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Project Beam successfully completes its first hard fork ASIC

The Beam project, a cryptocurrency focused on privacy, successfully performed the first hard fork anti-ASIC fork in its history. The event took place this Thursday, August 15, at the height of block 321,321.

The beam is one of the two main projects in the cryptocurrency space based on the MimbleWimble protocol, to provide privacy for its operations. The other project, Grin, also recently made a fork in its network, to cancel mining with specialized ASIC hardware.

The update introduced a new version of the Beam mining algorithm, which is based on EquiHash. The new algorithm, called Beam Hash II, Source:  makes mining in Beam incompatible with ASIC chips.

Beam CEO Alexander Zaidelson and other members of the Beam project team were interviewed for the Messari tracking portal about the hard fork event. Zaidelson said the main objective of the hard fork was “to signal ASIC device developers that it makes no sense to start working in miners before the second fork.”

According to the project roadmap, this is the first of two bifurcations programmed to favor mining with GPU graphics cards and CPU processors in the Beam network. The development team plans to maintain specialized mining resistance for at least the first 18 months of the project’s life.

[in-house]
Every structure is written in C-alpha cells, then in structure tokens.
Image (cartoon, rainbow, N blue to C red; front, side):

Information provided by Beam users points out that after the fork the network hash rate was 5.66 Msol / s (the unit of measure of the Beam hash rate ). A total of 13 pools or mining groups present in the project network concentrate 45.23% of the computing power in Beam, which keeps it safe from 51% attacks.

Zaidelson said that the fork does not change anything for Beam users, since the main goal was the adjustment of the Beam Hash I mining algorithm, for version II, which in addition to being resistant to ASIC mining, is more efficient in that to energy. However, he said they added “first layer support for Confidential Assets and HTLC support to enable Laser Beam” (a Lightning Network ), explained the CEO of Beam.

For its part, the CTO of the project, Alex Romanov, referred to two other developments that come with the hard fork. The first is the mandatory application of PoW (proof of work) for SBBS (Secure Bulletin Board System) messages to prevent spam ( spam ) attacks. The second is the modification of the calculation of the minimum rate for transactions, which will be established based on the number of exits and cores in the transaction.

Beam’s main network was activated the first days of January this year, becoming the first cryptocurrency based on the MimbleWimble protocol. A few weeks later, the Grin cryptocurrency was launched. Currently they are the main projects based on this protocol; however, according to Zaidelson himself, new MimbleWimble based cryptocurrencies emerged, mostly, Beam and Grin forks.

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